Braille…What does it mean to you?

Vision Rehab Podcast logo closeup of an eyeThe Vision Rehab Podcast is a short monthly podcast about topics and issues related to vision rehabilitation therapists and vision rehab. You can also listen on your smart speaker, just ask for, “Vision Rehab Podcast.”

Listen Now to Braiile…What does it mean toyou?

Transcript:

Louis Braille’s birthday this past January 4th got me thinking about how we look at braille. Specifically, how people who had good sight most of their life and are now adjusting to a vision loss later in life. What do they  think about learning braille. As a vision rehabilitation therapist, I’ve found it’s not uncommon for people new to vision loss to be reluctant to consider learning even the most basic braille for simple tasks like labeling medication, or food in the pantry.

I’m not surprised. An Op-ed that first appeared in the NY Times ten years ago titled, “Why Do We Fear the Blind?” by Rosemary Mahoney, is haunting in its description of the many ways that cultures around the world tend to fear and shun blindness.

Several nths ago, while making a follow-up call to a man who ordered training material related to his vision loss, the phone was answered by a woman other than the man who origina;;y placed the order. When I told her who I was and the purpose of the call, she quickly blurted out, “He is not blind! He is not blind! Don’t you ever call here again!”

I think `braille, perhaps like a white cane, is a symbol for many people of blindness. While many people with a vision loss, may actually be legally blind, they often do have some remaining sight, and don’t see themselves as “blind.” As a result, they have a difficult time adjusting to the idea of using a white cane to get around safely, or learning braille, because of the stigma, they imagine, to be associated with  both of them, and the fear of blindness in general.

A number of clients thought that learning braille will be like learning a whole new language. Braille is not a separate language, it is just a code of dots used to make English or many other languages tactile, something that can be read by touch. So, for example, if you were to label your spices in the cupboard, where the lighting might be poor, spices like Cumin and Dill will be spelled the same way, just in the dots which correspond to the letters in the spice’s name. That isn’t to say, of course’ that braille is something that can be learned overnight, it’s just a different way to read the words we already know using raised dots rather than ink on paper.

And just as the printed word has morphed in the last two decades from paper to digital words on a screen, braille too is in the midst of a dramatic transformation, from dots on paper, to raised dots on an electronic braille display. One of the things that is transforming the availability of braille in this country is the new braille eReader, provided at no cost, to patrons of the National Library Service (NLS) Talking Book Program. Any one with a vision loss may request a braille eReader, at no cost, which will download books and magazines in braille and display the words on a twenty cell braille display. And it’s small and portable– about the size and weight of a paperback book.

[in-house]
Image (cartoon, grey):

While some may find learning and practicing enough braille to read a book, something they’re unwiling t do,  there are many other alternatives, to reading with reduced vision, like text to speech on the computer or smarphone, audio books, etc. So, for most folks, braille will be just another valuable tool that comes in handy for reading a sigh, creating labels, or an overlay for those flat screen appliances,

And for those who do take the braille plunge, it is a rich world, like the world of visual print where we can live within the words we’reading, reread them again and again, stop and ponder, imagine their meaning and metaphors without a narrator guiding us with their voices.

A great place to learn braille is from a Hadley workshop. You can sign up at no cost by going to Hadleyhelps.org on the web, or calling Hadley at 800-323-4238. To check out one of the new braille eReaders, just go to the NLS website at loc.gov/nls or give them a call at 888-657-7323.

And if you’re already working with a vision rehabilitation therapist, just ask them about learning braille—they’re trained to teach braille!

 

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